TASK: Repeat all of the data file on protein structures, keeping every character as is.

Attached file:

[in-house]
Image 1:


[in-house]
Image 1: